So while Sam is upstairs doing everything in his power to avoid revision, Abigail is in the kitchen, obviously troubled by the upcoming SATs.
“What if I forget everything on the test?”
So I tell her. Absolutely nothing will happen. Keswick School will not rescind their offer of a place because you didn’t put a circle around the fronted adverbial. Your preferred A-Level establishment will not throw your application in the bin because you forgot how to convert a mixed number to an improper fraction. Universities will not rip up your UCAS form because, at the age of 10, you didn’t identify the verb in the subjunctive mood or explain in sufficient detail why Raheem was wrong to say that 0.42 multiplied by 10 was 4.02. (Stupid boy!) And future employers will not refuse to offer you an interview because you didn’t use a wide range of devices to build cohesion in your writing.
It really doesn’t matter. For me, what does matter is the other lessons she’s learnt this year.
1. Not everyone likes her. She’s not everyone’s cup of tea. Which is fine because they’re no longer hers either. (Oh my god, I’ve started a sentence with a relative pronoun – throw me in Grammar jail now! 🙄) What’s more important is that she is some people’s cup of tea and she’s learnt instead to give these friends her time, attention and care. And that’s more important than working out the missing angle on a line.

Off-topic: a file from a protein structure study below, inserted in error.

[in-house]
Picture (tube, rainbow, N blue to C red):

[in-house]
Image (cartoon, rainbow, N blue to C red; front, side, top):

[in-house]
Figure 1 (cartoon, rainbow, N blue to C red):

2. Not to give people 4, 5 or 6 chances. Giving them a second or third chance was two too many. She’s learnt the hard way that she’s not something to be picked up and used when it suits. I’m sure that deep down it does hurt and she still wishes she was good enough for these people, but she’s learnt to say no. And that’s more important than identifying a relative clause.
3. Not to trust all adults. She no longer falls for their shallow greetings or smarmy smiles. She knows they don’t care about her. They’re happy to see her miserable as long as she reaches that magic 100 in her SATs so their data table looks good or they reach some target in time for their next appraisal meeting. She’s learnt that not all adults have her best interests at heart. And that’s more important than finding 26% of £57.
4. Not everyone cares about her passions. Bouncing into school like Tigger with the biggest smile after winning a singing trophy will have no effect. Because it doesn’t involve a football or running a great distance. But she loves to dance and she loves to sing and when she’s on that stage, she’s at her happiest. And that’s more important than being able to spell words which most adults can’t even pronounce.
5. Not to take any shit from Joel. She will stand up to that boy all day long. I hear them throwing verbal grenades at each other and as much as it’s grating to hear, I’m glad that she’s not afraid. Joel has had a shock that this little squeaky thing doesn’t put up with his rubbish anymore! And that’s more important than finding the area of a compound shape.
So that is what she has learnt this year. Harsh, but hopefully it has made her better prepared for life in secondary school. She’s missed so much over the last eight months but I find some relief in knowing that she’s moving to a school which will care for her and there she will find friends who care about her. And that’s what’s important.